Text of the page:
Víctor Raúl Haya de la Torre

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Víctor Raúl Haya de la Torre
President of the Constituent Assembly
In office
July 28, 1978 – July 13, 1979
Vice PresidentLuis Alberto Sánchez
Ernesto Alayza Grundy
Member of Constituent Assembly
In office
July 28, 1978 – July 13, 1979
Leader of the Peruvian Aprista Party
In office
September 20, 1930 – August 2, 1979
Succeeded byArmando Villanueva
Leader of the American Popular Revolutionary Alliance
In office
May 7, 1924 – August 2, 1979
Personal details
Born(1895-02-22)February 22, 1895
Trujillo, La Libertad, Peru
DiedAugust 2, 1979(1979-08-02) (aged 84)
Lima, Peru
Cause of deathLung cancer[1][2]
Political partyAmerican Popular Revolutionary Alliance (Worldwide)
Peruvian Aprista Party (National)
Alma materNational University of Trujillo
National University of San Marcos
University of Oxford
London School of Economics
OccupationPolitician, philosopher, author

Víctor Raúl Haya de la Torre (February 22, 1895 – August 2, 1979) was a Peruvian politician, philosopher, and author who founded the American Popular Revolutionary Alliance (APRA) political movement, the oldest currently existing political party in Peru by the name of the Peruvian Aprista Party (PAP).[3]

Born in Trujillo, a city on the north Peruvian coast, in the bosom of an aristocratic family, he enrolled in the National University of Trujillo and then the School of Law of the National University of San Marcos. He soon stood out as a student leader supporting the working class. He participated in protests against the regime of Augusto B. Leguía, standing out as a vigorous and eloquent speaker, with great power of persuasion due to the depth of his ideas. Banished by Leguía in 1922, he emigrated to Mexico, where in 1924 he founded the APRA, a political movement with continental projection and a social democratic orientation, initially with a clear anti-imperialist position.

Returning to Peru in 1930 after a European and Latin American tour, he founded the APRA, on whose political scene he would remain active from then until his death. He suffered imprisonment, exiles and political asylum. He ran for the presidency in the 1931 elections, losing to Luis Miguel Sánchez Cerro. Imprisoned in 1932 by the Sánchez Cerro administration, he was released in 1933, only to be persecuted again, already under the government of Óscar R. Benavides. He remained in hiding until 1945, when his party returned to legality; he supported the National Democratic Front, which elevated José Luis Bustamante y Rivero to the presidency. In 1948, his party was again banned and after the coup d'état by general Manuel A. Odría he was forced to take refuge in the Colombian embassy (1948–1954). In 1956, he contributed to the electoral victory of Manuel Prado Ugarteche, initiating the so-called "coexistence". Once again as presidential nominee, he placed first in the 1962 election, but the Armed Forces issued a veto against him, prompting a military coup that overthrew Prado and prevented his bidding to seal his victory in Congress in favor of Odría.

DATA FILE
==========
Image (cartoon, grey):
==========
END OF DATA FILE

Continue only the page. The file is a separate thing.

During the Armed Forces Revolutionary Government, he assembled and instructed a new generation of party leaders, which included his successor and future president of Peru, Alan García. He was overwhelmingly elected to the Constituent Assembly, being elected as the body's president, and leading the drafting of a new Peruvian constitution, which he would sign in his deathbed in July 1979. He died on August 2, 1979, and his remains rest in his hometown of Trujillo. He remains one of the most influential political thinkers in Peruvian history. His legacy is considered fundamental in Peruvian historiography, with his ideology coined as revolutionary by historians.[4]

Early life and education[edit]

House where Haya de la Torre was born in Trujillo, La Libertad, Peru; currently, it houses the cultural center and museum that bears his name.

Víctor Raúl Haya de la Torre was born in the northern Peruvian city of Trujillo on February 22, 1895. He was the son of Raúl Edmundo Haya y de Cárdenas, also from Trujillo, and Zoila Victoria de la Torre y de Cárdenas, who were also cousins.[5] His birth is commemorated as Fraternity Day every February 22 by the Peruvian Aprista Party.[6]

Haya studied his primary and secondary education at the Seminary of San Carlos School and San Marcelo School of Trujillo. In 1913, he enrolled in the National University of Trujillo to study literature, where he met and forged a solid friendship with the Peruvian poet César Vallejo. Both, along with other students and under the leadership of Antenor Orrego and José Eulogio Garrido, integrated the so-called "Trujillo bohemia", where he was known as "The Prince of Misfortune" among his classmates. This intellectual group was later baptized as the North Group.

Subsequently, he continued his undergraduate education at the National University of San Marcos in Lima, where he pursued a law degree. In 1917, he was introduced to politician and writer Manuel González Prada, whom is cited as his main influence in the capital, developing political concerns derived from the radicalism of said intellectual. In 1918, he was one of those who carried his coffin. Historians have debated over the fact that González Prada is the precursor of Aprismo.

Student leader (1919–1923)[edit]